Visiting the Family History Library in Salt Lake City

Last month, I had the opportunity to visit the Family History Library in Salt Lake City while I was there for an institute and board meeting. What a special place. I can't believe how many people I met, all so generous and wonderful. I had never met any of them in person before but I had known many of them online for several years (or several … [Read more...]

Quick tip – Do the names of the children match?

In the Netherlands, children were often named after family members. When you have a theory about who the parents were, make sure to check for repetition of names. If the names of the children of your brick wall ancestor do not appear in the family you think he belongs to, you may have the wrong family. Read more about naming traditions. … [Read more...]

Dutch term – Archivaris

An archivaris is an archivist. In the Netherlands, archivarissen have a college or university degree in archival science; usually after first completing a related degree in history. Every level of government (municipality, province, nation) is required to transfer their older records to an archive which is headed by an archivist. Smaller … [Read more...]

Finished my portfolio for the Board for Certification of Genealogists

I did it! I finished and submitted my portfolio for the Board for Certification of Genealogists (BCG). BCG is an international organization that certifies genealogists whose work meets standards. They do this by judging a portfolio consisting of the following elements: Genealogists' Code, signed by the applicant. Many of these items are … [Read more...]

Quick tip – No Cousin is Too Distant to Have the Information You Need

When corresponding with cousins about genealogy, we tend to stick to the close ones: first or second cousins, maybe a third cousin, with the occasional once or twice removed. I recently solved a puzzle using a letter shared to me by a fifth cousin twice removed. I was trying to resolve a conflict in death dates. Her grave said a woman died on … [Read more...]

Dutch term – failliet and faillissement

Failliet means bankrupt; faillissement means bankruptcy. You can often find announcements of bankruptcies in newspapers, and you can then find the corresponding court case in the court records in the provincial archives. These may give you an insight in the business relationships of your ancestor. … [Read more...]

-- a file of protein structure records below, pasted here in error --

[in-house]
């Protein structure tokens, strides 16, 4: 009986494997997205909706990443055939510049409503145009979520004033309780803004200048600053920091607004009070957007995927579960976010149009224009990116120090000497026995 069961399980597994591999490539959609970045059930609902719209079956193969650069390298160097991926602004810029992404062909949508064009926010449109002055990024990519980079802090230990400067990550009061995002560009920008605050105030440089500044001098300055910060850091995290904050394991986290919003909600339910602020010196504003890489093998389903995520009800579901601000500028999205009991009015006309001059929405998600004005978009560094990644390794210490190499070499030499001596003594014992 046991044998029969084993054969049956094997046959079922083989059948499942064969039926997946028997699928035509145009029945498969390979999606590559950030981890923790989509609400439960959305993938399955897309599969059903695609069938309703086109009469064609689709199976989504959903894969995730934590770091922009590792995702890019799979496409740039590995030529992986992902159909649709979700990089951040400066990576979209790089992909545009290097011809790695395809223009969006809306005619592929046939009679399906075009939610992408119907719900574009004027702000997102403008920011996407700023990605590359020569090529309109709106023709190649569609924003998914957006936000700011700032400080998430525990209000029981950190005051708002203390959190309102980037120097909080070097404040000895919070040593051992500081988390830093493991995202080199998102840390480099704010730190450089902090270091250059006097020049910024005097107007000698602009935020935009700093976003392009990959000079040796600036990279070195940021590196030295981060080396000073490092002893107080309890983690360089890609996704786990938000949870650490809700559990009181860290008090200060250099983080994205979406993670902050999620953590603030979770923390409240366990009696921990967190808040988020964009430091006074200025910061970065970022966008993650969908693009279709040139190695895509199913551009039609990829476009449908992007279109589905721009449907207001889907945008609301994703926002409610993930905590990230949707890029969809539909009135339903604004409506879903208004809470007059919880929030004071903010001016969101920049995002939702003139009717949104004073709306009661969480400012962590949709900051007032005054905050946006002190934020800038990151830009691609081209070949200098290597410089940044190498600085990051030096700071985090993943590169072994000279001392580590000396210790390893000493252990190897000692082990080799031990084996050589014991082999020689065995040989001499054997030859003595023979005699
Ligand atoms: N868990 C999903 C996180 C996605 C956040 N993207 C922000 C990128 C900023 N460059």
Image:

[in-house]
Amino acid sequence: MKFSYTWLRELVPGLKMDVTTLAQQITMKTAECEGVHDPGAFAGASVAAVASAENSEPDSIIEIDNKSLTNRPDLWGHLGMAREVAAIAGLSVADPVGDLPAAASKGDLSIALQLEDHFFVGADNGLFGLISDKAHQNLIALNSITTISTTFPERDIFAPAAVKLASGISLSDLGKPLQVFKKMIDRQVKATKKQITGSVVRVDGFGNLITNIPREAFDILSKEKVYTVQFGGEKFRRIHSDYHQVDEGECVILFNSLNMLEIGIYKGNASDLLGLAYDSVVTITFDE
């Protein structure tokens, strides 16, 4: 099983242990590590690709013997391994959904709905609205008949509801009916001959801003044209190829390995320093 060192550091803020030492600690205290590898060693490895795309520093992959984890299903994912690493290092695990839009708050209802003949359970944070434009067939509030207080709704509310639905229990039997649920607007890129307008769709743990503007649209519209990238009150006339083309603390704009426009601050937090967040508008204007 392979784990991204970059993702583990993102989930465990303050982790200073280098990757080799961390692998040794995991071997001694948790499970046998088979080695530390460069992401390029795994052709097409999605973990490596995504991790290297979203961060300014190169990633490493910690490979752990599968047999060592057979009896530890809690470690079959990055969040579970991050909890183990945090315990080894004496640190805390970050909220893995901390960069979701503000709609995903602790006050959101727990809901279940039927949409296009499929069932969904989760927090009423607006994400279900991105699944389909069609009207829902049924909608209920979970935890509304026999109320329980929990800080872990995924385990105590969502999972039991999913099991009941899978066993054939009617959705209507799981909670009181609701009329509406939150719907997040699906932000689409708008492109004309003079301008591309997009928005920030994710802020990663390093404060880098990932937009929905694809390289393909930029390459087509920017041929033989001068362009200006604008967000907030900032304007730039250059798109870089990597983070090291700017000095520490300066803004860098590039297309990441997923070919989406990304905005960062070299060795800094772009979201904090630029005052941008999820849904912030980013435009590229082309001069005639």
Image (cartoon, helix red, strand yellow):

Could You Have Been a Teacher in the 19th Century?

During my research into one of my relatives who was a teacher in the 19th century, I came across some math problems published in a newsletter for teachers. These questions were used during examinations of assistant teachers at elementary schools in 1878. People taking the assistant teachers' exam were usually around 18 years old, had finished their … [Read more...]

Quick tip – That Frisian female might be male!

If you do research in Friesland, you will notice that the names there are quite different from the rest of the Netherlands. Friesland has its own language, Frisian (Fries) which comes with its own unique set of names. Some Frisian male names look like female names to those of us who are not from Friesland. Some of these names are used as female … [Read more...]

Dutch term – Oudoom and Oudtante

An oudoom is a great-uncle, an oudtante is a great-aunt; siblings of your grandparents. The literal translations are "old uncle" and "old aunt," respectively. … [Read more...]

The ultimate Christmas gift – get it now (yes, really!)

Imagine your family opening a package next Christmas and finding a book about their ancestors. Perhaps they will see their grandparents' marriage record, complete with their signatures. They turn the page to find a postcard from the street where grandmother grew up and a photograph of the church where her family worshiped for … [Read more...]